Most of my life I failed to appreciate beauty. Oh, I loved the look of sails on the sea and snow on the mountains, but mostly I liked sailing those sailboats and skiing those slopes.
Fifteen years ago, I learned to scuba dive. On our first dive, my sons and I wobbled our way to the sea in unwieldly gear, inserted our mouthpieces, lowered our heads beneath the waves, and dived. In fifteen feet of water, we entered a cloud of thousands of small yellow and white, black-striped fish. We could see nothing but a beautiful gallery of sparkling fish.
And the beauty of their colors, and the shimmer of their glory, delighted and enthralled me.
Yesterday I joined two friends to talk with a woman about her calling. And she talked only of beauty. She shared the glory of seeing a sunrise, and sparks of hope in the cracks of a frozen harbor, and satisfaction in a sunset-pond. And she spoke of the healing wholeness of beauty.
Hearing her reminded me of the first time I was captivated by beauty.
This morning I read Psalm 27 as part of my Scripture meditation. When I read verse 4, something again was awakened:
One thing have I asked of the Lord, that will I seek after:
… to gaze upon the beauty of the Lord….
And I wondered, “What the heck does it mean to gaze on the beauty of God?”
It’s Not Escape
The verse before David’s puzzling gaze-phrase describes enemies who wish to “eat up my flesh” and “war rising against me,” and the verses after it speak of enemies who “surround him” and false witnesses who “breathe out violence.” And later, parents who “forsake” him.
David longs to “gaze on the beauty of the Lord” in the middle of horrific suffering and threats. Ernest Becker (in his Pulitzer Prize book, Denial of Death) said it this way:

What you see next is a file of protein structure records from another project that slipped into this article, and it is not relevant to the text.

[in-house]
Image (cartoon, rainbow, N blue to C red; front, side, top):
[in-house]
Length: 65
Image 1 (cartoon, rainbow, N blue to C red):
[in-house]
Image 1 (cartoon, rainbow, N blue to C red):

Taking life seriously means that whatever you do must be done in the lived truth of the evil and terror of life, of the rumble of panic underneath everything.
David’s longing for the beauty of God is neither an escape from that terror of life, nor a mere means of copingwith the rumble of panic beneath everything.
This longing means we can triumph amidst the evils of life, simply by fixing our eyes on the beauty of God.
It’s Not Exploitation
I love snowcapped mountains and sea-bound sailboats because I use them for skiing and sailing. Sure, I like to look at them, but even more, I like to use them.
God’s nature is incredible, but too often I just want to use it: I love his power because I can ask of him, or his justice because I can appeal to him, or his righteousness because he gives it to me. Even his fatherhood, because he adopted me.
But for me to appreciate his beauty means I value him just for who he is, no requests, no exploitation, no “using” him to further a ministry or a good cause.
Just to gaze on him and say “In seeing you, I have all that I need.” It means to be overwhelmed with the beauty of God. To be satisfied with him alone.
His Spirit in us sees his beauty, and we worship.